This is an example of non-diegetic music from Kill Bill: Volume 1 (2003). The characters in the film clearly cannot hear this piece of background music.
For diegetic music, here is an example from Pulp Fiction (1994). The music comes from the music player so the characters in scene could hear it.
Audio Dissolve is a common technique in musical films where the music starts from diegetic and blends into the background music at a certain moment. This usually occurs when a character is singing or playing a musical instrument. After the character stops singing or leaves the musical instrument, instead of stopping the music abruptly, the music continues and functions as the background music underscoring the scene.
In the clip of For Me and My Gal (1942), audio dissolve happens in 1:55. The song is still playing even when the female character leaves the piano.
Synchronization is also known as Mickeymousing, where the music fits the movements of the scene perfectly. Synchronization is commonly applied in cartoons in the mid-20th century. For example, synchronization is everywhere in the famous The Skeleton Dance by Disney. Each small step and movement is followed by a note in the music.
Contrary to Synchronization, the technique of Counterpoint is to play music which contradicts the film scene, that is, the music goes against the viewer’s expectation. Conterpoint can drastically change the atmosphere of a scene in a film and express what can’t be expressed by the pure visual elements of a film. For example, when playing happy and lighthearted music in a fighting scene, the fighting becomes funny and comical. Similarly, when playing eery music in a “lovely” family dinner scene, the viewer knows that something is wrong with the family or something weird is going to happen to them. The latter technique is frequently used in horror films.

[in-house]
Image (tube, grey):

The starting scene of The Shining (1980) is a car driving through a beautiful landscape, but the creepy music makes the scene seem unsettling.
Acousmêtre is like a leitmotif for an absent character, that is, a piece of music associated with someone not seen in the film. This is often a technique to represent the presence of spiritual beings in a scene, since it isn’t easy to show them visually.
An acousmêtre associated with the deceased woman Rebecca is played upon the young girl enters her (Rebecca’s) room. (Starting from 1:04:31.)
Performance scene, just as its name, means a performance occurred inside a film. Filmmakers often borrow the (musical or visual) structure of of performance to move the plot of the film forward in certain directions.
Below is a performance scene from The Phantom of the Opera (2004):
Sound bridge is music which connects two different scenes. It is commonly used to make scene switching seem more natural.
Notice the alarm clock beeps starting from 0:55 in this clip of The Matrix (1999), it bridges the scene-switch flawlessly. (Though in this case it is more of a sound effect than a piece of music, it still works as a legitimate sound bridge.)
Montage is a technique by switching many different scenes within a short period of time, accompanied by a piece of (mostly pop) music. Montage can be applied to shrink a long and tedious process occurring in a film to a compact and exciting short clip. Most Disney animations contain multiple instances of montage. For example, in Mulan (1998), the song I’ll Make a Man out of You shrinks the long military training into a short couple of minutes.
In the past, I found films less interesting then other entertainment media such as novels, songs, and video games. However, after taking this fantastic Music in Film course at my university, I suddenly became a huge film lover and started to appreciate the subtlety of the combination of film and music. Praise this course, and hope you enjoy reading this article. Amen.
(Hope all those youtube clips persist, since they weren’t uploaded by me.)